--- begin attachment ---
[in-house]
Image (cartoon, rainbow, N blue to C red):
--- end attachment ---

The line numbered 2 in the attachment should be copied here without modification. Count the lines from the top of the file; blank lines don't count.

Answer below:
Image (cartoon, rainbow, N blue to C red):